Once the test is over, it’s fairly easy to determine which one was the experimental by comparing notes with other test takers. The experimental section is always the same section number for all the test takers of that test administration. So, for a particular LSAT, it might be that section 2 is the Experimental. The other four sections will be the same variety for everyone, whereas section 2 will be Reading Comprehension for some, Logic Games for others, and Logical Reasoning for yet others. Here’s an example of what it might look like for two test takers if the Experimental is section 2:


1. Logical Reasoning
2. Reading Comprehension
3. Logic Games
4. Reading Comprehension
5. Logical Reasoning


1. Logical Reasoning
2. Logical Reasoning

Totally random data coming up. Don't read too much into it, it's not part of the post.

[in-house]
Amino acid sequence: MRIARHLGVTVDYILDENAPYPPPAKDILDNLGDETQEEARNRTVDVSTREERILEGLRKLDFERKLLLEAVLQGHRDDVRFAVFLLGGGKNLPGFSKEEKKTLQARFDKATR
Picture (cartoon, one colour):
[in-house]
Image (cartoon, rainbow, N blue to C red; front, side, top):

3. Logic Games
4. Reading Comprehension
5. Logical Reasoning

In the above example, sections 1, 3, 4, and 5 were identical for Amy and Bob, and section 2 was an extra of a particular section type, Reading Comp for Amy and Logical Reasoning for Bob.

So, how do I prepare for the Experimental Section?

Well, strictly speaking, you don’t, not least because your performance on that section of the exam is irrelevant to your score. You won’t ever even know how you did. In a more meaningful sense though, you prepare for the Experimental Section by studying hard so that you do well on the real sections and needn’t ever worry which one was the Experimental.

It can be useful to know after the test which was the Experimental if you are considering canceling your score. If you felt very unhappy with your performance on just one section, and it was the Experimental, then go ahead and keep your score. If you felt uncomfortable with another section, you may need to bite the bullet, cancel, and retake.

Just know that the big, bad Experimental Section can’t hurt you.